Roland-designs , Virginie's blog.

"Never lose an opportunity of seeing anything beautiful, for beauty is God's handwriting." - Ralph Waldo Emerson

Friday 27 July 2018

The red-currant season - Jam making tips.

The summer of 2018 is the warmest I have ever experienced in Norway, with little rain since May the lawn has not needed to be cut for 5 weeks, the grass is browning, and plants are not growing as big as they normally do. On the other hand, the berries are sweet and ripe at least a week earlier than normal.

I already shared my favourite recipe on the blog, but this time I will explain a few of my tricks for making jam (or jelly with the red-currants) with a shelf life of at least two years – One year I had made way too much jam so we ate some two years later, and it was still just as good.

I’ve been making jam since I was a teen and while there are many ways to make jams and jellies, the technique I use has worked for me well  over two decades and are based on traditional methods.

Don’t rush with making preserves, but allow yourself plenty of time since you cannot stop once you start. I usually use about 2 hours max from start to finish depending on how many jars I have to fill. 

My first tip is to pick the berries on a sunny day when they are dry, not after rain. For jelly and jam you need ripe fruits, but a few not so ripe ones also, the unripe one contain more pectin which is the thing that binds the jam together, only ripe or over-ripe fruits will make your jam runny and it will not set properly. You can buy pectin, but I feel that it is cheating to use anything else than fruits, water and sugar. 

Throughout the year I collect glass jars with good solid lids that have no dents or damages; I wash them by hand, never in the washing machine. Then before using them I give them a quick rinse before sterilising them in boiling water.

The secret to successful preserves is sterilisation, if the jars are contaminated in any way the jam will spoil.  I boil water in a pot and keep it boiling while I carefully place my pots and lids in it for a at least a minute, then place them upside down to dry on clean dishtowels and elevated on silverwares which also had taken a boiling bath. 

While kids love to pick berries and help in the kitchen, anything that involves boiling water and boiling jam is very dangerous and should be done by an adult ! I had an accident a couple years ago when my oldest daughter was helping me and we spilled a pot of boiling jam, if we had not been wearing aprons we would have been very badly burned.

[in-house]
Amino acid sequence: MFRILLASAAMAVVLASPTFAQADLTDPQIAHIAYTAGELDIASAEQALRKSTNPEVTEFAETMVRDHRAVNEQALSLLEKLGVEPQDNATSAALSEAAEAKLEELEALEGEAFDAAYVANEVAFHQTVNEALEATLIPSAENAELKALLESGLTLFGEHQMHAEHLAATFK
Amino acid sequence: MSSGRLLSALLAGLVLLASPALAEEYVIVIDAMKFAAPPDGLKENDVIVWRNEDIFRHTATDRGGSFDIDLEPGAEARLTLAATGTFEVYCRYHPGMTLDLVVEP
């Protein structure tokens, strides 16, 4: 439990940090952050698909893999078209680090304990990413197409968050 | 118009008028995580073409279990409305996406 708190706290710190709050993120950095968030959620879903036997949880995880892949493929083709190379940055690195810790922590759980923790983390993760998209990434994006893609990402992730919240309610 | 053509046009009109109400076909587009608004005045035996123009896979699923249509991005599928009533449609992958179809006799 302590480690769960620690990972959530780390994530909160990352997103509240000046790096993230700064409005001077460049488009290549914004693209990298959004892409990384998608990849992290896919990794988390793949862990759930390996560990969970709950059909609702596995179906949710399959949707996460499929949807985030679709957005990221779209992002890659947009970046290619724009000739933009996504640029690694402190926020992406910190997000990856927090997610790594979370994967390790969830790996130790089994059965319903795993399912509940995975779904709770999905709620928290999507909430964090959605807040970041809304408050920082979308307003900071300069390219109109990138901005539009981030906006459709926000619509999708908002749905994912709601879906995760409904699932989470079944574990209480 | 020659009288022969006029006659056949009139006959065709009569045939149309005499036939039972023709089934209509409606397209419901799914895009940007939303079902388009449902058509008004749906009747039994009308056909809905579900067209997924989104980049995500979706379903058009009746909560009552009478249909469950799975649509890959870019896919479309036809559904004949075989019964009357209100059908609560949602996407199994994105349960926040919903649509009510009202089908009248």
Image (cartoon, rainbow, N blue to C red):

As soon as the jam is ready, pour it all the way to the top of the jars and place the lids on right away, the cooling process will make the jam compact and create a vacuum. This is a little messy, but don’t try to wipe the jars yet. Let the jam cool undisturbed, and when completely cool wipe the little drips with a wet cloth before storing. 

By the time the jars are cold you should see the lids have caved in a little, this is a sign that the jam is hermetically sealed and airtight. If you find jars that are not airtight, store them in the fridge – they will keep in the fridge for a good while, but should be eaten first. You can also freeze jam, but that is again – cheating in my book.  I like the idea of food items that does not require electricity for preserving it, and I take jam making very seriously – Ha !

Jam recipe:
Cordial recipe:

Red, sweet and juicy. The summer of 2018 was so hot that the currants were ripe a week earlier than usual.

My pots and lids drying after being sterilised in boiling water

Jelly filled right up to the top of the jar.

The jellies are left to cool down undisturbed, when cooled completely I will store them in a dark cupboard.

Cordial 2018
Moumousse - My garden companion

No comments:

Post a Comment